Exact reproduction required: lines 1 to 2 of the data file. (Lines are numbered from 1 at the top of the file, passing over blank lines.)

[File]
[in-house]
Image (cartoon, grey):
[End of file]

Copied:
[in-house]
Image (cartoon, grey):